Personal bankruptcy filings in the US continue to rise in 2010. Some experts believe we are on pace to exceed 1.7 million filings by year’s end, which is close to the all time record of about two million filings in 2005 before the Bankruptcy Reform Act took effect. The revisions to the code were intended to curb the number of filings by making the bankruptcy process more restrictive, burdensome and expensive. At the time, powerful bank and credit card lobbies persuaded Congress to pass the changes to reduce so-called abusive filings. Few bankruptcy attorneys and judges thought the reforms were a good idea, and now in the wake of the lingering recession and housing crisis, it seems more clear than ever the changes were “bad medicine.”
But the bankruptcy filing statistics only hint at the real depth of the problem. Perhaps even more troubling is the growing emergence of a group of Americans who are in serious financial distress but can’t be helped by filing for bankruptcy. This group of debtors are forced into what is known as the “shadow economy” or informal bankruptcy. It is common now for young adults facing crushing student loan debt and a hostile, shrinking job market. Under current bankruptcy law, student loans are very rarely discharged.
Another situation where individuals facing financial hardship fail to file for bankruptcy involves homeowners trying to hang onto their homes in the face of lower wages, declining market values and higher monthly mortgage payments. Chapter Seven is simply not very helpful in this circumstance. Chapter Thirteen can help homeowners catch up on mortgage arrears but does not offer a complete solution to the problem. A complete solution would entail granting bankruptcy judges the power to modify the mortgage principle. However, recent reform efforts in this direction have failed, even though these changes have the potential to avert the tidal wave of foreclosures that have rocked the financial sector over the past three years.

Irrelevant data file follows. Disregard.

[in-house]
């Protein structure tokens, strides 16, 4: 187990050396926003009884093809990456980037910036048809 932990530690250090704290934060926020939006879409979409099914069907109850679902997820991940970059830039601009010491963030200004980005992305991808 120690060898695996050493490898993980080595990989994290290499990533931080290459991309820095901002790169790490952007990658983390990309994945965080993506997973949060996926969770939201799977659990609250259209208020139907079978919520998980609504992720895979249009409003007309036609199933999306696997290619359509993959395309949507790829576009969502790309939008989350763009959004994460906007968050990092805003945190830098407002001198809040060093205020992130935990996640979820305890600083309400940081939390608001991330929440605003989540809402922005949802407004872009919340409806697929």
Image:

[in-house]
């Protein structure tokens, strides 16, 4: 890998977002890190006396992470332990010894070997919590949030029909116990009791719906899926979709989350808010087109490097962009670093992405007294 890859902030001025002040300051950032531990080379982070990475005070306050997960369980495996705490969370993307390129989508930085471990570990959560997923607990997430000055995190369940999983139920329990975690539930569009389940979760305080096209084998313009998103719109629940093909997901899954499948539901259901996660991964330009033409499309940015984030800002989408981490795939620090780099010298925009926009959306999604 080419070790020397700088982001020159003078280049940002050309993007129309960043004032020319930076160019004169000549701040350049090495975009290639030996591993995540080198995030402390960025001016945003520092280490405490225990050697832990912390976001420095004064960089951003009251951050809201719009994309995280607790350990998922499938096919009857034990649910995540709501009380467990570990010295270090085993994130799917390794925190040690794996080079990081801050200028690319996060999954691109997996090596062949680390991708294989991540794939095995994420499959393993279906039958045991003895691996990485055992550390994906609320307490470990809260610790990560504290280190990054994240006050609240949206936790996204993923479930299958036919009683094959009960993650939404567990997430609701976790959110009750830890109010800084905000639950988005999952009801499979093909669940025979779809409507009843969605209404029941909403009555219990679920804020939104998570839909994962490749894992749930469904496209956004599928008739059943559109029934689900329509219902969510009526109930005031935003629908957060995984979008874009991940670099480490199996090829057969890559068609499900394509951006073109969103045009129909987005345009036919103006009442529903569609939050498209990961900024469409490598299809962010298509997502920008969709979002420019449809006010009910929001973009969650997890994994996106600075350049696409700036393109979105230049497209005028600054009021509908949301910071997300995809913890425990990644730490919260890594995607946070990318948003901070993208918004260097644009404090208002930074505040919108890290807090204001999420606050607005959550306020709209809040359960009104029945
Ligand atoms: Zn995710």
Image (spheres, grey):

For further reading on this topic, see this recent article from USA Today, “Only a fraction of those in need file for bankruptcy.“
S.O.S. — Save Our Shelter!
The Sacramento County Animal Shelter needs your support today! Due to massive budget cuts, the shelter is desperately trying to keep it’s doors open.
License your pets now with no late fees thru June 30th!
or DONATE TODAY!
Your donation is tax deductible and can be made online, by mail or in person.
As one of the largest shelters in California, the Sacramento County Animal Shelter cares for more than 15,000 stray, abandoned, abused and neglected animals every year, and urgently needs your help to continue providing care and services to the animals and people of our community.
You donation makes a difference!
Sacramento County Animal Care
3829 Bradshaw Road
Sacramento, CA 95827
(916) 368-7387 (PETS)
For more information on the SOS campaign, click here.